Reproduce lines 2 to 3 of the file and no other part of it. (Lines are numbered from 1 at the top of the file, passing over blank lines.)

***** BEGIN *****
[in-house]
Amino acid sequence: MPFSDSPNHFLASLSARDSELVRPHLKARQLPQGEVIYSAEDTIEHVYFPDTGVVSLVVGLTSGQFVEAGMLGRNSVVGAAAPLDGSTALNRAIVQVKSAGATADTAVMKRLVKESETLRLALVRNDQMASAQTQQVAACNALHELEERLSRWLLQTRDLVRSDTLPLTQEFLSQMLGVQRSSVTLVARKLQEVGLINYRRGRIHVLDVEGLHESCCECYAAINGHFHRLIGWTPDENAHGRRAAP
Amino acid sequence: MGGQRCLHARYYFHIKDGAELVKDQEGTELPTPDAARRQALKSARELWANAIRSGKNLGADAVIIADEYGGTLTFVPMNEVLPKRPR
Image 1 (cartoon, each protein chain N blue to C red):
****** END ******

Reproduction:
Amino acid sequence: MPFSDSPNHFLASLSARDSELVRPHLKARQLPQGEVIYSAEDTIEHVYFPDTGVVSLVVGLTSGQFVEAGMLGRNSVVGAAAPLDGSTALNRAIVQVKSAGATADTAVMKRLVKESETLRLALVRNDQMASAQTQQVAACNALHELEERLSRWLLQTRDLVRSDTLPLTQEFLSQMLGVQRSSVTLVARKLQEVGLINYRRGRIHVLDVEGLHESCCECYAAINGHFHRLIGWTPDENAHGRRAAP
Amino acid sequence: MGGQRCLHARYYFHIKDGAELVKDQEGTELPTPDAARRQALKSARELWANAIRSGKNLGADAVIIADEYGGTLTFVPMNEVLPKRPR